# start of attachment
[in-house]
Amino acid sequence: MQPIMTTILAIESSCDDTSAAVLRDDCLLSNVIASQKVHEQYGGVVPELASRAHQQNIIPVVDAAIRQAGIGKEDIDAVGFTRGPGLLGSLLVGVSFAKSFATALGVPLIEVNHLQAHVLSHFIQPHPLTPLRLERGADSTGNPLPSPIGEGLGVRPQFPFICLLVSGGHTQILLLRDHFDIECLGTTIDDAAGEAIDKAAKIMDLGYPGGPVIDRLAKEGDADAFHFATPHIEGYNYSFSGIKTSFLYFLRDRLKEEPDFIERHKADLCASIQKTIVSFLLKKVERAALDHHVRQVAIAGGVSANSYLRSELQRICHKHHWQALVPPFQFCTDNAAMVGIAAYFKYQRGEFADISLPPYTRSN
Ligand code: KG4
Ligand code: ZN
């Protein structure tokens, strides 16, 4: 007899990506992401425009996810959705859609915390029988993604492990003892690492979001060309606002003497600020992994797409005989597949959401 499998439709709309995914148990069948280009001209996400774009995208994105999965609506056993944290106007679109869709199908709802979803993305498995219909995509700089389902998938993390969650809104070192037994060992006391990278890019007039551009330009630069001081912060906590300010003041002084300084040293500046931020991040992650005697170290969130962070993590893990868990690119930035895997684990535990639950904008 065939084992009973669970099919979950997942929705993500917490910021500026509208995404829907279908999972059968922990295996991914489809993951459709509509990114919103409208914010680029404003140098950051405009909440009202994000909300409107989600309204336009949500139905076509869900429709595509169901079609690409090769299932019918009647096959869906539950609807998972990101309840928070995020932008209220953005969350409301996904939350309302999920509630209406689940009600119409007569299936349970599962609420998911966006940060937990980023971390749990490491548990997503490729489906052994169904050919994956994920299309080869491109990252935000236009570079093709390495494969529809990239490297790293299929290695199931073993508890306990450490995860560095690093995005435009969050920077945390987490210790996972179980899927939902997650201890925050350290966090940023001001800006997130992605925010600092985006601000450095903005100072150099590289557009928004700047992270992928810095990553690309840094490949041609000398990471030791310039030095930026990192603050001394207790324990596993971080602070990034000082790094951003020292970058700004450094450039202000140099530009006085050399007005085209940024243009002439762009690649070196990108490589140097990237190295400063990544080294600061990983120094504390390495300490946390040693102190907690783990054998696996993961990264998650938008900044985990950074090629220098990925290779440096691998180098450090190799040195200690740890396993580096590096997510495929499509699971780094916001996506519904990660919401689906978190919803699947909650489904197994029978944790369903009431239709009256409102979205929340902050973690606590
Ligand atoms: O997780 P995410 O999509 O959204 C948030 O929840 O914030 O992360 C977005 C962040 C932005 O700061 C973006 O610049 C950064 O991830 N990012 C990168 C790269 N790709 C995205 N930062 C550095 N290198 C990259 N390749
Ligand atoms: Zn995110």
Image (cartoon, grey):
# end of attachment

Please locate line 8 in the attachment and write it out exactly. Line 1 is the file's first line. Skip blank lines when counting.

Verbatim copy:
Image (cartoon, grey):